Pregnancy, birth and baby care in Australia
A mother’s health – including her age, weight and whether she smoked or drank alcohol during pregnancy – affects both the mother and her baby.
In Australia, in 2020, 291,712 women aged an average of 30.9 years gave birth to 295,796 babies. Of these women:
- about 1 in 10 smoked during their pregnancy
- about 1 in 4 were overweight and 1 in 5 were obese
- just over 2% reported drinking alcohol in the first 20 weeks of pregnancy (alcohol consumption data excludes New South Wales and South Australia).
Of the babies born in 2020, about:
- 8% were born prematurely
- almost 7% were low birthweight
- 1% were stillborn or died within 28 days of birth.
A baby’s health at birth can affect health and wellbeing throughout life. Good support during pregnancy, birth and the early months and years of a baby’s life can improve short- and long-term outcomes for mothers and babies.
The Australian Institute of Health and Welfare reports on the health of mothers and babies each year.
Our role in pregnancy, birth and baby care
State and territory governments are responsible for providing publicly funded birthing and maternity services, which are free. We provide national direction, and work with state and territory governments to improve pregnancy, birth and baby care and health outcomes.
This includes through:
the Pregnancy, Birth and Baby website, which supports parents from pregnancy to preschool
the Pregnancy, birth and baby hotline, which provides parents with advice from qualified maternal child health nurses about children’s growth, behaviour and development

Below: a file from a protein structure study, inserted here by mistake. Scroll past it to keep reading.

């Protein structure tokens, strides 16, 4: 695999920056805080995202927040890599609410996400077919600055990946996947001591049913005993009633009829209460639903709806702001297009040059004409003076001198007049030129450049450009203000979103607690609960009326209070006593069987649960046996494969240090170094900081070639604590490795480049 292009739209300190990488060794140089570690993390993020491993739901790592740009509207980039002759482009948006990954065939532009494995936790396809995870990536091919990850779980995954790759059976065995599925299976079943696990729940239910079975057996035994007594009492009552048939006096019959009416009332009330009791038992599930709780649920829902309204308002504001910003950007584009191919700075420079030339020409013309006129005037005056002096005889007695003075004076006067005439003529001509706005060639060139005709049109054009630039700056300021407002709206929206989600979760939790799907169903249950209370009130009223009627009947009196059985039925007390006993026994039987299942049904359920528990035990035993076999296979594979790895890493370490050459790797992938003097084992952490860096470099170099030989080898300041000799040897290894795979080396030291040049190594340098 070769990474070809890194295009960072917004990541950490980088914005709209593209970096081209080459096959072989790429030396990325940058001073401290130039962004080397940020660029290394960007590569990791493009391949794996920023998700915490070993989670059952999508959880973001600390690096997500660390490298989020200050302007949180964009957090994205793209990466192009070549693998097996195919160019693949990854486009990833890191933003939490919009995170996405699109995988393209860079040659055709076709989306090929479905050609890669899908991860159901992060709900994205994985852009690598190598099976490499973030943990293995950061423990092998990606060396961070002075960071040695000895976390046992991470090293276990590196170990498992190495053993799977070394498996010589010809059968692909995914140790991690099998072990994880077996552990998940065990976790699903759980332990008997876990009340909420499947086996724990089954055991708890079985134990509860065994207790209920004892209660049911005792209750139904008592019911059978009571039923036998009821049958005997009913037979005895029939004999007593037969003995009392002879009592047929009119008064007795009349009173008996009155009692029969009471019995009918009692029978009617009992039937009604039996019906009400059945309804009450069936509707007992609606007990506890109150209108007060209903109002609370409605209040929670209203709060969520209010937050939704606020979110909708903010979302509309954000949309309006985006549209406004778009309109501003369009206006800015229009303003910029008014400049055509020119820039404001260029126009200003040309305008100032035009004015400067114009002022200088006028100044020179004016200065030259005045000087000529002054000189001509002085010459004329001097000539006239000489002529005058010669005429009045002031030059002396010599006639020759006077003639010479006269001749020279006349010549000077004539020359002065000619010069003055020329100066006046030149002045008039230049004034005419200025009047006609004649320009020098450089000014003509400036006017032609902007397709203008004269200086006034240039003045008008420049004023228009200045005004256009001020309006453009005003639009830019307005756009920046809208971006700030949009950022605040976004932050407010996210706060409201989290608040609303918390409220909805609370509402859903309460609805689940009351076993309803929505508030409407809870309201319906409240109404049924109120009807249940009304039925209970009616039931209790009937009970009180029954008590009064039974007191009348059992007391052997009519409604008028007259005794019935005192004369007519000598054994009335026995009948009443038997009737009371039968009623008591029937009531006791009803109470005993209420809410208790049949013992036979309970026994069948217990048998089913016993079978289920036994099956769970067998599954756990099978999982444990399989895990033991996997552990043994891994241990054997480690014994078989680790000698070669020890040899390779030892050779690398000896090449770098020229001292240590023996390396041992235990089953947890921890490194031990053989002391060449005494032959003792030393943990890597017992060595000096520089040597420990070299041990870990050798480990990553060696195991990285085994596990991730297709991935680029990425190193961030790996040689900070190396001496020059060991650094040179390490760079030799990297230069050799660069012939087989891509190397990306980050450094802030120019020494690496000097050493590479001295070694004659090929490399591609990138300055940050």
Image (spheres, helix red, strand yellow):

healthdirect, which provides reliable health information and advice on all aspects of pregnancy and breastfeeding
the Guidelines for physical activity during pregnancy, which provide information and advice for pregnant women about how much physical activity they should do each day
Get Up & Grow resources – in several languages – which help parents and educators ensure children grow up healthy and strong
COVID-19 advice for pregnant women and parents
Read about dealing with COVID-19 during pregnancy, birth and the early years. This includes:
- how to have a healthy pregnancy
- having your baby in a hospital
- bringing your little one home
- keeping your kids safe and entertained while self-isolating.
Support for fathers during pregnancy, birth and early parenthood
Dads play a critical role in their children’s emotional, social, physical and brain development. Having a father who is involved, loving and a good role model makes a huge difference in a child’s life.
But there can be a lot to navigate and adjust to when becoming a father for the first time.
It’s important to be informed and seek support when needed. Read more information and advice about fatherhood, including:
dealing with pregnancy, birth and the early years
your legal rights and responsibilities as a dad
where to get support if you feel overwhelmed or depressed.
Support for perinatal mental health
Expectant parents can experience emotional changes during pregnancy, including perinatal and postnatal depression and anxiety, which is estimated to affect about:
1 in 5 expectant and new mothers
Our Perinatal Mental Health and Wellbeing Program supports the mental health of parents before and after birth, by funding public hospitals to provide routine screening, support and treatment.
This complements the work of Primary Health Networks in ensuring tailored local perinatal services are available in every community.
Find support through:
Read more about:
Research and data
The Australian Institute of Health and Welfare: